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3 Predictions Of Loss


All three of these short stories happened within the last decade of my life but they have always been very confusing and questionable for me, and they are the 3 times I had accurately predicted deaths in my family with little to no expectation to them actually happening. If that makes any sense.

I'm going to start in order. My dad passed away when I was in 5th grade, around 10 years old. It was very sudden and shocking, no one really expected it. I was staying at my grandparents house for the week because they live an hour away from my home so I would visit them for longish periods of time. I remember the day before anything happened my dad called my grandma and wanted to talk to me. I don't remember the conversation word for word, but I remember it was basically him telling me he loves me, to be safe and that was pretty much the jist of it. It was just a bit odd because my dad never really did things like that, he wasn't very open emotionally. At the time I didn't think much of it, but "i love you" ended up being the last words to my father which I am very grateful for. Fast forward the day after, it was late-ish at night when my grandma's phone rang. She told me to answer it for her which was also odd because I never did that for her ever (I was a very quiet shy kid, I still am). Anyways, I did and it was my mom crying into the phone. I quickly gave the phone over to my grandma. It turned out my dad was in the hospital, no one would tell me why though due to my age. I went to bed that night not knowing anything, but I distinctly remember laying in bed, 100% sure my dad had died. I just knew. I don't know how to describe it or anything, but I just felt like he definitely died. I was sure of it. The next morning I went home, and everyone told me the news but I wasn't even shocked because I knew he didn't make it. He had died of a brain aneurysm, on new years day. Could have just been coincidental, but my next two stories make me question that.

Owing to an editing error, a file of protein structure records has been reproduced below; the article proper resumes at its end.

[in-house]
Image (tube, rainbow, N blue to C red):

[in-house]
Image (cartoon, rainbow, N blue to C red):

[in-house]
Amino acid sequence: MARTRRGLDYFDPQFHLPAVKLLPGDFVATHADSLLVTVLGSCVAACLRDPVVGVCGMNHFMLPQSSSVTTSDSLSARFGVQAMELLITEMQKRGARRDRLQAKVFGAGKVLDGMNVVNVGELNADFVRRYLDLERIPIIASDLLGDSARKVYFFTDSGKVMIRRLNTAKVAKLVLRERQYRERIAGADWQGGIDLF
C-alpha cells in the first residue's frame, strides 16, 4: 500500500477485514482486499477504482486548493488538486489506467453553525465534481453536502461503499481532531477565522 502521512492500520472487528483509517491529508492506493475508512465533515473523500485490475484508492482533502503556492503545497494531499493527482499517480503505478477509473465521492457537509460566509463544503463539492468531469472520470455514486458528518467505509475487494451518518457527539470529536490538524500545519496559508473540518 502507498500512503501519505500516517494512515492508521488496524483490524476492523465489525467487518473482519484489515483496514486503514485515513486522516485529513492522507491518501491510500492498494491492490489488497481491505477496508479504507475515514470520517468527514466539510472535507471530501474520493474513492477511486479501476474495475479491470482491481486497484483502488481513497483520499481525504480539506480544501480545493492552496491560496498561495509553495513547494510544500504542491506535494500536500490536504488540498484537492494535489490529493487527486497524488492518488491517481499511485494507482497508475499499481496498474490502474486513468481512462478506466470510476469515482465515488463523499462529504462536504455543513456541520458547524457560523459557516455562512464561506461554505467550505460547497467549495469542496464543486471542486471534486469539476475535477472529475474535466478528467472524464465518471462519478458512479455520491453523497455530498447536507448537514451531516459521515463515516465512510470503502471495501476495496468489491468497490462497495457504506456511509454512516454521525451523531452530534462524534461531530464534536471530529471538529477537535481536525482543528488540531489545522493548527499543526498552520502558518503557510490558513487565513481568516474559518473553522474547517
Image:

The next story happened around begining of freshman year for me, I was 14 and it was fall. From 5-9th grade, after my dad's passing my mom pretty much fell apart. She became heavily addicted to alcohol, and also was on Oxycontin and heroin when she couldn't get Oxy. It was just a normal thing, the whole family knew about it and no one could do much. Ever since my dad died my mom was in and out of the hospital constantly. It had to of been at least 20 visits. She would drink too much or overdose or anything and end up there. It got to the point where when my oldest brother (I lived with him since my mom was unable to care for me) told me she was back in the hospital I wouldn't blink an eye or even worry because I knew she would be back home the next day. But one particular time my brother picked her up from the hospital, I was in the back seat and he took her to an ATM to take money out. She stepped out of the car and I looked at my brother and just said "She's going to die soon" and he yelled at me and told me not to say things like that. Like my dad, I strongly felt inside me that my mom was going to die very soon. Maybe a week later, my mom was in the hospital again. My brother told me, and as usual I didn't care too much. It might sound messed up but it was a tough situation. But days past, and she was still there. Things were bad with her liver and kidneys from drinking, and her stomach. A week had passed, and I was worried that my prediction was going to be true. Then, my mom's doctor called my brother. They did dialysis on her and said she was going to be fine but needed to recover still. I was relieved, but later that same day my brother got a different call from the doctor. The dialysis had worked, but they had my mom induced in a coma for so long that she began to have seizures, and one of the seizures left her practically braindead. Her body still worked, but with no brain signals and only a machine keeping her breathing, my brother had no choice but to pull the plug. She had no chance of coming back, and 2 weeks after I had originally predicted her to die, she died.